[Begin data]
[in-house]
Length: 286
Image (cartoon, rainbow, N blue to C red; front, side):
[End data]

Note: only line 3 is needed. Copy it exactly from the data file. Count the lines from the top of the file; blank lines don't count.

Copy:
Image (cartoon, rainbow, N blue to C red; front, side):